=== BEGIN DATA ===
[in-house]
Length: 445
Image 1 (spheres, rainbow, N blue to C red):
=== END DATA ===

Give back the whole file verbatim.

[in-house]
Length: 445
Image 1 (spheres, rainbow, N blue to C red):